I’ve been covering video games since 2008 at website The Koalition, so I felt I owed it to myself to read this memoir from veteran Video Game Journalist Russ Pitts. In Sex Drugs and Cartoon Violence, Russ details a decade of his life where he covered video games as a journalist. During the course of this decade Russ worked at two notable media outlets; the first being The Escapist and the second being Polygon.
Buy this book (US)
As someone who’s been to many press junkets, I find the absurd stories told in this book relatable. Russ Pitts manages to make light of the bizarre marketing stunts that video game PR teams are often forced to orchestrate to impress journalists. In the book, Russ writes about one occasion where he was flown out to another state for a few days (all expenses paid), forced to endure an over the top parade of fireworks, explosions and roleplay – just to see a game demo that he’d already played months before at the E3 Expo. All this in the hopes that Russ would write about their video game product for the site he wrote for at the time.
Russ doesn’t pull any punches when putting these ridiculous PR stunts on blast, and I appreciated him for exposing this side of the gaming industry. One of my favourite chapters focuses on the time that the E3 expo was held in Santa Monica instead of Los Angeles. Anyone who has attended the annual event can probably tell that moving the Expo to anywhere outside of the L.A Convention Centre may be a disaster for those who have become accustomed to going to L.A every year; but beyond the inconvenience of having to travel somewhere completely different, Russ Pitts (who attended) speaks of the disorganisation that lead to the worst year in the expo’s existence. This was a joy to read as someone who understands what goes into covering the E3 Expo as a gaming enthusiast or journalist.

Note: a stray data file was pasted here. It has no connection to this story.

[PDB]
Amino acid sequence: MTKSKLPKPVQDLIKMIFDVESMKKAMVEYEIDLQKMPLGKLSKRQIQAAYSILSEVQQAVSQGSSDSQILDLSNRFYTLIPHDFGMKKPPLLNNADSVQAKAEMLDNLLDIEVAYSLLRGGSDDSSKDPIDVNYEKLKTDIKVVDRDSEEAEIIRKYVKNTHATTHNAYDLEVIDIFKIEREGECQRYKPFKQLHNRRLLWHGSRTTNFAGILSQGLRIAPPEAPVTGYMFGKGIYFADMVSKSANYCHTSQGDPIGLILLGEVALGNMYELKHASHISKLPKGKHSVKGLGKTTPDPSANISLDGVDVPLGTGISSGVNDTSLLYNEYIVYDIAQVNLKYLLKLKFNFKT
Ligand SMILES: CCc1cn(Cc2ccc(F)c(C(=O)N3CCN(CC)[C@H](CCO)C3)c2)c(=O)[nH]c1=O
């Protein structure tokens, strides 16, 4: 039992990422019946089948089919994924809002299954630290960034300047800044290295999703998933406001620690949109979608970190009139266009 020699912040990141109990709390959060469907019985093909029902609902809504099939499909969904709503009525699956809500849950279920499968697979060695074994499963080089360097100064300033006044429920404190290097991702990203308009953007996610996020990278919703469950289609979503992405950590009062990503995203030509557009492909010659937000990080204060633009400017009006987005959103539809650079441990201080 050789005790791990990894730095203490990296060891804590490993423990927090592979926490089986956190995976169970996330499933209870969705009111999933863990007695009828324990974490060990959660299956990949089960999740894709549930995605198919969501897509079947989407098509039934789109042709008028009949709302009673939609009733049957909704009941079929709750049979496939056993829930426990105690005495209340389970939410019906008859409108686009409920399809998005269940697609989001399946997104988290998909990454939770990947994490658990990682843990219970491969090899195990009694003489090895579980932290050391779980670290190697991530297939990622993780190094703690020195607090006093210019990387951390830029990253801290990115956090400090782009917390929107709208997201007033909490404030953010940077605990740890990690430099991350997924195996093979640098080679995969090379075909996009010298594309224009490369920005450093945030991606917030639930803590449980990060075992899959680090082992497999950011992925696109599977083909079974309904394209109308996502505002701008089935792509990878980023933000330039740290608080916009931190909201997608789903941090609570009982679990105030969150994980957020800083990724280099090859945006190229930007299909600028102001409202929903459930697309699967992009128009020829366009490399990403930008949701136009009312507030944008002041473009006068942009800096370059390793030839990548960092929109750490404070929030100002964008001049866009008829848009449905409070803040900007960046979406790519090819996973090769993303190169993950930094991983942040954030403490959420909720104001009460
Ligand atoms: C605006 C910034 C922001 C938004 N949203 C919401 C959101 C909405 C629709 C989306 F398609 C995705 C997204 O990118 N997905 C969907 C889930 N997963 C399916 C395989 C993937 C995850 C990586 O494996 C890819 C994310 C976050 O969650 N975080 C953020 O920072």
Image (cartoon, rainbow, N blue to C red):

There are many interesting nuggets in Sex, Drugs and Cartoon Violence; including the story on how Russ Pitts broke popular video reviewer Yahtzee into the industry, who then became the face of one of the most popular video review shows, Zero Punctuation. These jewels that Russ lets go provides an understanding what it takes to make the wheels turn at a video game media publication.
Later on in the book, Russ writes about his departure from The Escapist and then how he joined the founding team of writers at Polygon. He then goes on to tell how he separated from Polygon after just a couple years. These are stories that will leave readers waiting for the juicy details, but sadly Russ doesn’t paint the full picture here. At the time Sex, Drugs and Cartoon Violence was written, these separations were clearly still too recent to dish the full dirt on. It’s easy to respect the fact that Russ has to protect people, as well as his own integrity. However, the vagueness of these explanations will leave the reader frustrated at not knowing the full details. On the upside, if you follow the industry closely enough then it’s possible to research some of these stories and get a better understanding on the situation anyway.
Ultimately, Sex Drugs and Cartoon Violence is a solid reading experience for those with an interest of the inner-workings of the video game industry, especially from the media point of view. The book could have greatly benefited from another round of editing, as there are some typos to overlook. Usually in a memoir a few typos are typically forgiving, but for a memoir from a former editor-in-chief it can be immersion breaking. These few typos aren’t enough for me to not recommend this book to anyone who is a true gaming enthusiast though. If you’re as invested as I am in gaming, this should already be required reading.